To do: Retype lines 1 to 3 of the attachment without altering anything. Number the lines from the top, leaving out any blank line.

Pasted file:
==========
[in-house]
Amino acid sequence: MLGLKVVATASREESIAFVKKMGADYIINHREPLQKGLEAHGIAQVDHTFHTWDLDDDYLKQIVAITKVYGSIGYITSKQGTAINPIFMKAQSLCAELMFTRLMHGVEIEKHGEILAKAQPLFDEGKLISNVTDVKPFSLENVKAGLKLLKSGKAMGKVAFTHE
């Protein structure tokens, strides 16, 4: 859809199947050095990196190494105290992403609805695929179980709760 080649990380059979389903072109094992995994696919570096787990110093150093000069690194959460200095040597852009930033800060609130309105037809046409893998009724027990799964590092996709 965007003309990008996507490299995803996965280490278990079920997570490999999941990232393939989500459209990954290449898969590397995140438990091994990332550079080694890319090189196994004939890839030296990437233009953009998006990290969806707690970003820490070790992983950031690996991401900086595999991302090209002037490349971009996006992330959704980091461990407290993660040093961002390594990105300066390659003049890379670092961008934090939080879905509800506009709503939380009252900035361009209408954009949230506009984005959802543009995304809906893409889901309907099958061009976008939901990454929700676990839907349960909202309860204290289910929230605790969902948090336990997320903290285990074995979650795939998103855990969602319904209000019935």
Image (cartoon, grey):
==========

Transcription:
[in-house]
Amino acid sequence: MLGLKVVATASREESIAFVKKMGADYIINHREPLQKGLEAHGIAQVDHTFHTWDLDDDYLKQIVAITKVYGSIGYITSKQGTAINPIFMKAQSLCAELMFTRLMHGVEIEKHGEILAKAQPLFDEGKLISNVTDVKPFSLENVKAGLKLLKSGKAMGKVAFTHE
């Protein structure tokens, strides 16, 4: 859809199947050095990196190494105290992403609805695929179980709760 080649990380059979389903072109094992995994696919570096787990110093150093000069690194959460200095040597852009930033800060609130309105037809046409893998009724027990799964590092996709 965007003309990008996507490299995803996965280490278990079920997570490999999941990232393939989500459209990954290449898969590397995140438990091994990332550079080694890319090189196994004939890839030296990437233009953009998006990290969806707690970003820490070790992983950031690996991401900086595999991302090209002037490349971009996006992330959704980091461990407290993660040093961002390594990105300066390659003049890379670092961008934090939080879905509800506009709503939380009252900035361009209408954009949230506009984005959802543009995304809906893409889901309907099958061009976008939901990454929700676990839907349960909202309860204290289910929230605790969902948090336990997320903290285990074995979650795939998103855990969602319904209000019935």